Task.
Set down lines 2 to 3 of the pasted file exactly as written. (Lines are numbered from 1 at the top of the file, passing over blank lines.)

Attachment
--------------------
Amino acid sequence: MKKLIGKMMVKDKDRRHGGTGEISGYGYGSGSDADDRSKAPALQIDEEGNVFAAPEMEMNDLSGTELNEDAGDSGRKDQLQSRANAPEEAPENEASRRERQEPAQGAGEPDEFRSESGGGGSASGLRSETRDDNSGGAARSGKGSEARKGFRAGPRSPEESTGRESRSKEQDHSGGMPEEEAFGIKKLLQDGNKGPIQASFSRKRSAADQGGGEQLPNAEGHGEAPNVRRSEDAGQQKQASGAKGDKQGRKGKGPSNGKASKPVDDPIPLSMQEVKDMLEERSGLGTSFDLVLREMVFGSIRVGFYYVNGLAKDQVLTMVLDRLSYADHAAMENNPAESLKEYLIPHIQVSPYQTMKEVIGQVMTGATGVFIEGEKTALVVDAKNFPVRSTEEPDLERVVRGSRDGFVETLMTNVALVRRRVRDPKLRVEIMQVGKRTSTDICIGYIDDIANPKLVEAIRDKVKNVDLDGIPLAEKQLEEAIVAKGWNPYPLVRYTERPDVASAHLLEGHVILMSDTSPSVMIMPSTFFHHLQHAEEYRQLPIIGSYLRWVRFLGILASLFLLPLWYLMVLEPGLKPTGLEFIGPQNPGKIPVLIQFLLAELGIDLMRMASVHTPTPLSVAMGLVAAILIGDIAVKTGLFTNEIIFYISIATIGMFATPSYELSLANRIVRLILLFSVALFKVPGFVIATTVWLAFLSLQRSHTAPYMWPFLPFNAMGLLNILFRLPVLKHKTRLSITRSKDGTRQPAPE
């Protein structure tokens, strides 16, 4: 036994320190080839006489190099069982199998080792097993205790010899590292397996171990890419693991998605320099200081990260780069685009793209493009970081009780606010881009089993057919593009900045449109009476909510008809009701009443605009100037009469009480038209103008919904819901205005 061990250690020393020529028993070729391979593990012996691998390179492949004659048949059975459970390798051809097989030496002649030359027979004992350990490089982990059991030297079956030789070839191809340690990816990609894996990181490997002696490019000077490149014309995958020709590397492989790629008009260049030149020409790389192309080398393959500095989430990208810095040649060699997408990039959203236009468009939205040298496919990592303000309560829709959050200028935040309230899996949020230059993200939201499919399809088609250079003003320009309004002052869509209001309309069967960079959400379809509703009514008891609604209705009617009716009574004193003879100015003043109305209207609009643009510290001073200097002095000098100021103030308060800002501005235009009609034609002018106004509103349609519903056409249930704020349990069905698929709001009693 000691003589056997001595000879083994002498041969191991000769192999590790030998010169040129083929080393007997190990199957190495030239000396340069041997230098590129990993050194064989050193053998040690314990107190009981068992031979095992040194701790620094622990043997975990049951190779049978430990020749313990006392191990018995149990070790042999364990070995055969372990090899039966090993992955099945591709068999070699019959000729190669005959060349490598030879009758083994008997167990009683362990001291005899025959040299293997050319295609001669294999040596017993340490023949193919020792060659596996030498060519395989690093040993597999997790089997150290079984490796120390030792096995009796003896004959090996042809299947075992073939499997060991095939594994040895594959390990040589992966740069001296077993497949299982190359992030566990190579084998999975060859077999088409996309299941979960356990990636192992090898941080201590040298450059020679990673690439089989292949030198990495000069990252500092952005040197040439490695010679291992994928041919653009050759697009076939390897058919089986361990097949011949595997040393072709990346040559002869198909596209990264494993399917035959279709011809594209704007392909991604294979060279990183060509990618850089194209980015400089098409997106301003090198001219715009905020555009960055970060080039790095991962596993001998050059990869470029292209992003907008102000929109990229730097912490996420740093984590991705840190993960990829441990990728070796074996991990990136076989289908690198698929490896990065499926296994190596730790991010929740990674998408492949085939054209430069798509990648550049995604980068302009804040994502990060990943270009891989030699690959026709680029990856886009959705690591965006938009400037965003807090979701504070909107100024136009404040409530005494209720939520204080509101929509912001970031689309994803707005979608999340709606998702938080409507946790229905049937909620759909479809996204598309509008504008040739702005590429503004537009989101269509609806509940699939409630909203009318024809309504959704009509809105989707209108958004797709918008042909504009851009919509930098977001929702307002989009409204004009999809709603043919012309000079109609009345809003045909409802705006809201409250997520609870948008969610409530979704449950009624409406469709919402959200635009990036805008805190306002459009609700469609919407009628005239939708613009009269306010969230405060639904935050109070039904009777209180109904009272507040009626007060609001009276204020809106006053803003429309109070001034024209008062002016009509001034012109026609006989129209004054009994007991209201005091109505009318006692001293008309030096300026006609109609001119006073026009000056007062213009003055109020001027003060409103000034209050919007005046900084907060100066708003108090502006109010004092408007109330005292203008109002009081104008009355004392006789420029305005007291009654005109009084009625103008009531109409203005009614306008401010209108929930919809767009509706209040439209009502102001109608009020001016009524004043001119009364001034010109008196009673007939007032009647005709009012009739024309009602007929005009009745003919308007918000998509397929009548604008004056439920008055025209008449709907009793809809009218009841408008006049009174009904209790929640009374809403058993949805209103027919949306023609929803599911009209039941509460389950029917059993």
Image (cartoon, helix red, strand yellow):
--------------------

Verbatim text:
């Protein structure tokens, strides 16, 4: 036994320190080839006489190099069982199998080792097993205790010899590292397996171990890419693991998605320099200081990260780069685009793209493009970081009780606010881009089993057919593009900045449109009476909510008809009701009443605009100037009469009480038209103008919904819901205005 061990250690020393020529028993070729391979593990012996691998390179492949004659048949059975459970390798051809097989030496002649030359027979004992350990490089982990059991030297079956030789070839191809340690990816990609894996990181490997002696490019000077490149014309995958020709590397492989790629008009260049030149020409790389192309080398393959500095989430990208810095040649060699997408990039959203236009468009939205040298496919990592303000309560829709959050200028935040309230899996949020230059993200939201499919399809088609250079003003320009309004002052869509209001309309069967960079959400379809509703009514008891609604209705009617009716009574004193003879100015003043109305209207609009643009510290001073200097002095000098100021103030308060800002501005235009009609034609002018106004509103349609519903056409249930704020349990069905698929709001009693 000691003589056997001595000879083994002498041969191991000769192999590790030998010169040129083929080393007997190990199957190495030239000396340069041997230098590129990993050194064989050193053998040690314990107190009981068992031979095992040194701790620094622990043997975990049951190779049978430990020749313990006392191990018995149990070790042999364990070995055969372990090899039966090993992955099945591709068999070699019959000729190669005959060349490598030879009758083994008997167990009683362990001291005899025959040299293997050319295609001669294999040596017993340490023949193919020792060659596996030498060519395989690093040993597999997790089997150290079984490796120390030792096995009796003896004959090996042809299947075992073939499997060991095939594994040895594959390990040589992966740069001296077993497949299982190359992030566990190579084998999975060859077999088409996309299941979960356990990636192992090898941080201590040298450059020679990673690439089989292949030198990495000069990252500092952005040197040439490695010679291992994928041919653009050759697009076939390897058919089986361990097949011949595997040393072709990346040559002869198909596209990264494993399917035959279709011809594209704007392909991604294979060279990183060509990618850089194209980015400089098409997106301003090198001219715009905020555009960055970060080039790095991962596993001998050059990869470029292209992003907008102000929109990229730097912490996420740093984590991705840190993960990829441990990728070796074996991990990136076989289908690198698929490896990065499926296994190596730790991010929740990674998408492949085939054209430069798509990648550049995604980068302009804040994502990060990943270009891989030699690959026709680029990856886009959705690591965006938009400037965003807090979701504070909107100024136009404040409530005494209720939520204080509101929509912001970031689309994803707005979608999340709606998702938080409507946790229905049937909620759909479809996204598309509008504008040739702005590429503004537009989101269509609806509940699939409630909203009318024809309504959704009509809105989707209108958004797709918008042909504009851009919509930098977001929702307002989009409204004009999809709603043919012309000079109609009345809003045909409802705006809201409250997520609870948008969610409530979704449950009624409406469709919402959200635009990036805008805190306002459009609700469609919407009628005239939708613009009269306010969230405060639904935050109070039904009777209180109904009272507040009626007060609001009276204020809106006053803003429309109070001034024209008062002016009509001034012109026609006989129209004054009994007991209201005091109505009318006692001293008309030096300026006609109609001119006073026009000056007062213009003055109020001027003060409103000034209050919007005046900084907060100066708003108090502006109010004092408007109330005292203008109002009081104008009355004392006789420029305005007291009654005109009084009625103008009531109409203005009614306008401010209108929930919809767009509706209040439209009502102001109608009020001016009524004043001119009364001034010109008196009673007939007032009647005709009012009739024309009602007929005009009745003919308007918000998509397929009548604008004056439920008055025209008449709907009793809809009218009841408008006049009174009904209790929640009374809403058993949805209103027919949306023609929803599911009209039941509460389950029917059993």
Image (cartoon, helix red, strand yellow):